Now, here at the Shrine we're always praying for the triumph of Mary's Immaculate Heart, but we don't often ask for the intercession of St. John Eudes in that quest. His Congregation of the Hearts of Jesus and Mary is present here in this country, but not as extensively as in his native France, where they are known simply as the Eudist Fathers. When I was two years ordained, I made pilgrimage with four other priests to a variety of Holy places in France, and we had the privilege of staying in the Eudist Fathers' house of studies in Paris, which is where I became acquainted with this saint. So, as we continue to pray for the triumph of Mary's Immaculate Heart, I would like simply to recommend that we invoke often the intercession of this great saint.
     I would also like to suggest that his life, in which he moved from place to place, first in this group and then in that, is a testimony to what we've talked about many times here in this chapel about letting the Lord lead us where he wants us to go, even though it turns out not to be what we had in mind for ourselves, as well as to the main theme I shared with you on Sunday: that when one sets out to serve God, one doesn't do what one wants; one does what one is told.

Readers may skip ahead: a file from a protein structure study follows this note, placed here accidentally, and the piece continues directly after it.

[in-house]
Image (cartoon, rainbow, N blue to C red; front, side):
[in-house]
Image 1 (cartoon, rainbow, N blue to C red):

* St. John Eudes is one of the few saints remaining on the Roman Calendar who is commemorated on the same day in both the Ordinary and Extraordinary Forms of the Roman Rite. In the former, his day is an Optional Memorial; in the latter, a feast of the third class.

** Here is the original from Lesson iii of Matins, for those with nothing better to do than check my language skills:
     Ioánnes, anno millésimo sexcentésimo primo, in pago vulgo Ri, Sagiénsis diœcésis, ex piis honestísque paréntibus ortus est. Adhuc puer, iam Angelórum pane reféctus, perpétuam castitátem vovit. In scholis, ubi laudabíliter stúdia perégit, mira pietáte enítuit. Beátam Vírginem summópere diléxit, et exímia erga próximum caritáte exársit. Berulliáni Oratórii Congregatióni nomen dedit et sacerdótio Parísiis auctus est. Domus Oratoriánæ Cadómi Rector factus, ab eádem, licet ægre, discéssit, ut ad Ecclésiæ ministérium iúvenes idóneos institúeret. Quare quinque sibi adscítis sóciis, Congregatiónem Presbyterórum fundávit, cui Sanctíssima Iesu et Maríæ nómina dedit, et Cadómi primum Seminárium apéruit, quod póstea plura subsecúta sunt. Ut peccatríces mulíeres ad vitam christiánam revocáret, Dóminæ Nostræ a Caritáte Institútum fundávit: cuius nobilíssimæ árboris ramus est Congregátio Andegavénsis a Bono Pastóre Societátem ab admirábili Corde Matris Dei, et ália caritátis ópera adiécit. Singulári erga Sanctíssima Iesu et Maríæ Corda flagrans amóre, de litúrgico eis cultu præstándo non sine áliquo divíno afflátu primus cogitávit. Missionárius Apostólicus plúrimos pagos et urbes evangelizávit. Tot labóribus fractus, morti próximus, die décima nona Augústi anno millésimo sexcentésimo octogésimo plácide expirávit. Quem Pius Papa décimus miráculis clarum, inter Beátos, Pius vero undécimus, anno sacro, die Pentecóstes, inter Sanctos rétulit, eiúsque Offícium ac Missam ad univérsam Ecclésiam exténdit.